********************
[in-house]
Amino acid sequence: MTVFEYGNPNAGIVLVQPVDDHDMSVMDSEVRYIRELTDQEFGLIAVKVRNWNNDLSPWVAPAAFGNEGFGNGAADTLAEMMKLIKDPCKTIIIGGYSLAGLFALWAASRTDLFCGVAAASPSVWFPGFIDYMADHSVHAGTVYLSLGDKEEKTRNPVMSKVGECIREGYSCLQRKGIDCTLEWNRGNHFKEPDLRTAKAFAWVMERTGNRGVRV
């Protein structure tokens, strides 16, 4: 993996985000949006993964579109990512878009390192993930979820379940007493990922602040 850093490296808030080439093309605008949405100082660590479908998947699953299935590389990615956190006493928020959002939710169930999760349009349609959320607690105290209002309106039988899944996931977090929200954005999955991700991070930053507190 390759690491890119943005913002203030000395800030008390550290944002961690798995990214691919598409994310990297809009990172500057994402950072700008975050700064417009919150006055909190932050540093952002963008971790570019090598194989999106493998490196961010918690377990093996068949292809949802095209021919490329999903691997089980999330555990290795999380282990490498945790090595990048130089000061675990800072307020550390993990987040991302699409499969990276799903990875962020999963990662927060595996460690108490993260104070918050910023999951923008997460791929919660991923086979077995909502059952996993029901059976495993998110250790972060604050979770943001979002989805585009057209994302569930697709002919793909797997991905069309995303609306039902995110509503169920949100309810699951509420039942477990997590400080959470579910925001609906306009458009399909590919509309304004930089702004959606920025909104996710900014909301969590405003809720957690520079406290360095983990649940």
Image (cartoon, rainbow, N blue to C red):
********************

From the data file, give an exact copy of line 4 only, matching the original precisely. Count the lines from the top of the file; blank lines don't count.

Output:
Image (cartoon, rainbow, N blue to C red):